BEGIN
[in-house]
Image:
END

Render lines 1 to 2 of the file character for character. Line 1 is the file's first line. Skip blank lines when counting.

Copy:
[in-house]
Image: